Politics

10.15.12

Obama Aides Nervous as President Plots Course for Second Debate

As the president preps for a comeback, sources close to the action fret about the right mix of offense and defense—and how he could be running out of chances. James Warren reports.

President Obama’s debate team is clearly anxious that a second poor performance could seriously hurt him among undecided or “soft” Obama supporters,” despite history suggesting that presidential debates rarely impact an election.

The reelection team saw a clear turn in polling and momentum after the first debate in Denver. Two sources close to the debate preparations says the president is still in very good shape in key states, including Ohio—but deem the second of three confrontations with Mitt Romney as critical to the president’s reelection chances.

One source even harkened to the 1980 debate between President Jimmy Carter and Republican challenger Ronald Reagan. An uninspired Carter performance hurt him badly with many soft Carter supporters and was seen as one catalyst to the loss of an eight-point lead a month from the election.

A second sub-par performance by the president, said this insider, could mean, “our psychology of inevitability is almost over.”

The Obama camp has, not surprisingly, spent a large amount of time plotting the mix of performance skills, tone, and substantive policy needed to take maximum advantage of the town-hall format—a setting vastly different from a traditional debate.

Those in the audience will have been selected by the Gallup organization as “undecided” voters. Some top aides on both sides are privately dubious about how many truly undecided voters remain but concede that 5 percent or slightly more of the electorate is leaning weakly to either candidate and is susceptible to change. The Obama camp remains chagrined by their candidate’s failure to rebut adequately what they consider a flurry of false statements made by Romney during the Denver face-off. In addition, Romney’s decision to tack to the middle during that debate—in what these sources see as a dishonest moderation of positions the Republican took during the primary campaign—continues to rankle the Obama camp.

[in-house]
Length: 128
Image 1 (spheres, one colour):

Some privately deride the media for not being vigilant enough in bringing those inconsistencies and misstatements to the surface, even as they arguably lose sight of a more overarching reality: a proliferation of fact-checking by the press simply has had little effect on a highly-polarized electorate.

“The news media has been letting [Romney] get away with murder,” one source said.

The performance challenges for Obama, insiders say, include being respectful of both the audience and Romney while aggressively arguing that the Republican has disingenuously tacked to the middle on various issues, such as health care.

A second sub-par performance by the president, said this insider, could mean “our psychology of inevitability is almost over.”

Two sources close to the preparations said that the president will seek to make a string of points about his tenure and plans for the future in an upbeat fashion—while at the same time unabashedly and firmly contending that his opponent has not been telling the truth.

“He can’t come off looking as if he’s engaged in a dramatic, mano a mano confrontation with Romney,” said one source, who requested anonymity discussing sensitive matters. “But even if he doesn’t keep turning around and looking him square in the eye, he’s got to tell those people at the town hall that they must understand there are differences not just in policy but veracity and that those all could impact their individual lives.”

Eric Adelstein, a Chicago-based Democratic political consultant who is not close to the preparations, concurred about Obama’s central challenge. He finds errant the speculation among some pundits that Obama might tread cautiously so as not to come off as belligerent or unduly harsh.

“Romney got the media to change its narrative, from ‘time to write him off’ to, ‘well, we may now have a horse race.’ Whether he did it by dissembling or being a new Mitt, the effect was the same,” said Adelstein.

“But the reality is that Romney still trails, especially in battleground states,” he said. “So Tuesday is important because, first, Romney can turn the ‘my campaign is not over narrative’ into ‘I can actually win.’ Second, Obama can seize back the ‘it’s close to over’ narrative by making clear, ‘Those guys just aren’t believable and their policies will set us back.’”

It’s safe to assume that virtually every possible Obama gambit is being chewed over by the Romney camp. To that extent, said one White House insider, it will be interesting to see if Romney proves as good a counterpuncher as he occasionally proved during the many Republican primary debates.